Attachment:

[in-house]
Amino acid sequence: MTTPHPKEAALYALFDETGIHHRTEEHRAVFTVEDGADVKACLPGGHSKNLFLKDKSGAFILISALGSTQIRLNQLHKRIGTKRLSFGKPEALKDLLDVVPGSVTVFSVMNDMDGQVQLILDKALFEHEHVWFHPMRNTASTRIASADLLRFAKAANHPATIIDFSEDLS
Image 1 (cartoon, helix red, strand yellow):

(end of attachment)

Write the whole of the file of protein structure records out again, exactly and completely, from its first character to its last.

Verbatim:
[in-house]
Amino acid sequence: MTTPHPKEAALYALFDETGIHHRTEEHRAVFTVEDGADVKACLPGGHSKNLFLKDKSGAFILISALGSTQIRLNQLHKRIGTKRLSFGKPEALKDLLDVVPGSVTVFSVMNDMDGQVQLILDKALFEHEHVWFHPMRNTASTRIASADLLRFAKAANHPATIIDFSEDLS
Image 1 (cartoon, helix red, strand yellow):